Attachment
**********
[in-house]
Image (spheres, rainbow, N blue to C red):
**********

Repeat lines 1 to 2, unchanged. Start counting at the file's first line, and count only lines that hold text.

[in-house]
Image (spheres, rainbow, N blue to C red):